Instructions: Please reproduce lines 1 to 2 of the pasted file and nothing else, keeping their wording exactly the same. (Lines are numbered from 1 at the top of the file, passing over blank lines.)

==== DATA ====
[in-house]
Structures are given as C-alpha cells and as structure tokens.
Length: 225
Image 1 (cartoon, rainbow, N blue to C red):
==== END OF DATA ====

[in-house]
Structures are given as C-alpha cells and as structure tokens.